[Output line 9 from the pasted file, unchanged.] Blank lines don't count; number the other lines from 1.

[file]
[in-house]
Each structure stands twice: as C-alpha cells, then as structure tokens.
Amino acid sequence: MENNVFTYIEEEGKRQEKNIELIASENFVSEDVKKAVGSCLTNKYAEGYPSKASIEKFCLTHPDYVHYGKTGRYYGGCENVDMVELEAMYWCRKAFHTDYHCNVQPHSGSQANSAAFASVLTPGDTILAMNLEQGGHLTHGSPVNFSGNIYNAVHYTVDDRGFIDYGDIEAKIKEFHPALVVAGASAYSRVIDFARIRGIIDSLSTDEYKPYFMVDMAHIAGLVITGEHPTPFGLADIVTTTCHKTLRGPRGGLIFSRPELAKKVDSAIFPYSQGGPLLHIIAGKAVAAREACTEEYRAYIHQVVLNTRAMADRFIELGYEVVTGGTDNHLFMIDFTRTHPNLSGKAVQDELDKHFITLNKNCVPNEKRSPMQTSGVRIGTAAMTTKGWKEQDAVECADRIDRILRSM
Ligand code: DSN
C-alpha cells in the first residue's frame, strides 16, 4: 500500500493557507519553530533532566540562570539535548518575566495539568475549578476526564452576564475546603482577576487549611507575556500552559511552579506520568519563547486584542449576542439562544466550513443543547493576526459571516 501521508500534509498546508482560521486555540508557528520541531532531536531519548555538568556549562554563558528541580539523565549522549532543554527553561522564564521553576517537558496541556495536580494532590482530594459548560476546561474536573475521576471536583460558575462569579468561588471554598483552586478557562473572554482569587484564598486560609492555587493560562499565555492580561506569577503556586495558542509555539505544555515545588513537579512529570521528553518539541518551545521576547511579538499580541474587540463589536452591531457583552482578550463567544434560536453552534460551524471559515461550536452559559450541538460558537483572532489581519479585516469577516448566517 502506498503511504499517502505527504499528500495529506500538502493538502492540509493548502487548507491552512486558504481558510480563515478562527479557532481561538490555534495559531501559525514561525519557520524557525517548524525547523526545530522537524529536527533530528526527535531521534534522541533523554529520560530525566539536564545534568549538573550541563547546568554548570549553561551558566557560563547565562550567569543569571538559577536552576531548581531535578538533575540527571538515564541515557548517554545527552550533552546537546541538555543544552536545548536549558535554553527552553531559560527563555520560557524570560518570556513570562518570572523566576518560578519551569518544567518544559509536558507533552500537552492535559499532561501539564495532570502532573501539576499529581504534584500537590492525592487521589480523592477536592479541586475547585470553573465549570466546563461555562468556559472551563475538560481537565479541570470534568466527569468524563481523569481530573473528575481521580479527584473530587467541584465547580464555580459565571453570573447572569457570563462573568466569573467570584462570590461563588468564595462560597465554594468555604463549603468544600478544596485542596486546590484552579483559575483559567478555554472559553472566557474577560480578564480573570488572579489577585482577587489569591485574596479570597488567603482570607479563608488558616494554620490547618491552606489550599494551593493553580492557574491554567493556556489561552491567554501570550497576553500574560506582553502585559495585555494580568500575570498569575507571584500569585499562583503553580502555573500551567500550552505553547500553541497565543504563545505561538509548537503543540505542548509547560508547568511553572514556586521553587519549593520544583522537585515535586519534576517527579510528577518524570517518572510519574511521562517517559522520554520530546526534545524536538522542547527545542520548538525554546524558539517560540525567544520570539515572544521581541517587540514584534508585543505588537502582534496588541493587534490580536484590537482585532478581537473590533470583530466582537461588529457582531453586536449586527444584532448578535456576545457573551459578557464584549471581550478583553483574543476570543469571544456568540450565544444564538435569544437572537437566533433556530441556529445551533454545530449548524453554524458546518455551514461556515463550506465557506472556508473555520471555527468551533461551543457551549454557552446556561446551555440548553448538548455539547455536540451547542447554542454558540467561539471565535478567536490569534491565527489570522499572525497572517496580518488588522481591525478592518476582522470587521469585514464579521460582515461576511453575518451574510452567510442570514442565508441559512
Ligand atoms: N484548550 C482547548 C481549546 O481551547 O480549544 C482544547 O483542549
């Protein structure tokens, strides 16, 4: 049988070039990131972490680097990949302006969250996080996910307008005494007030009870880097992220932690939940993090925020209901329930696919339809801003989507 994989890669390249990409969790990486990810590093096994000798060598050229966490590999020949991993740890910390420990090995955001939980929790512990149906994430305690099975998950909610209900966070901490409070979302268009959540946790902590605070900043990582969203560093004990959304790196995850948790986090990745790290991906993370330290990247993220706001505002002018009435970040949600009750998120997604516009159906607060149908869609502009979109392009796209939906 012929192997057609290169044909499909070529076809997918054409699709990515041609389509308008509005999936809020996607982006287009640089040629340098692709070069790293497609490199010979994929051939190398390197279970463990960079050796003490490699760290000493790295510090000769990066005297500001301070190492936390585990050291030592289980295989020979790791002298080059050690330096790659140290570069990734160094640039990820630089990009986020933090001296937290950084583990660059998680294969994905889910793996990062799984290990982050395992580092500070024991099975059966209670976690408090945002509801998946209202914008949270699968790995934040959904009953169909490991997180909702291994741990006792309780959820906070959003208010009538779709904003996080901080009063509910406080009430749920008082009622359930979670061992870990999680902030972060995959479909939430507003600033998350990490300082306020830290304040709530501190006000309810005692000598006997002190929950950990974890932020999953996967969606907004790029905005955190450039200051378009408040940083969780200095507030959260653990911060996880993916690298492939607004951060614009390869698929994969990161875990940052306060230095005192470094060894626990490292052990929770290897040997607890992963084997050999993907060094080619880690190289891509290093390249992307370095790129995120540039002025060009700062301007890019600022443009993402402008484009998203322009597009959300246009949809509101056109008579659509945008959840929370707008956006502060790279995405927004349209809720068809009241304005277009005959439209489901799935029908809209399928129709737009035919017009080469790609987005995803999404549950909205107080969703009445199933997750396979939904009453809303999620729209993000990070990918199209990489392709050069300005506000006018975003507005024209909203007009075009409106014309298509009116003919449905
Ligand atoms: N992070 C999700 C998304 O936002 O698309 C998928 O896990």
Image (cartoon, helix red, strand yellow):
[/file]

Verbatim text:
Image (cartoon, helix red, strand yellow):